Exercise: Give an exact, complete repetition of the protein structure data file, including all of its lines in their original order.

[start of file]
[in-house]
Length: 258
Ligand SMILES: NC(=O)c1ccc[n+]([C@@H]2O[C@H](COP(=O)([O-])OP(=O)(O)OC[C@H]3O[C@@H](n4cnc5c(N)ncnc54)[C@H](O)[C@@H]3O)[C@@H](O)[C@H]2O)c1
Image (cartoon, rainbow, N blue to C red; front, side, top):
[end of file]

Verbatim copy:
[in-house]
Length: 258
Ligand SMILES: NC(=O)c1ccc[n+]([C@@H]2O[C@H](COP(=O)([O-])OP(=O)(O)OC[C@H]3O[C@@H](n4cnc5c(N)ncnc54)[C@H](O)[C@@H]3O)[C@@H](O)[C@H]2O)c1
Image (cartoon, rainbow, N blue to C red; front, side, top):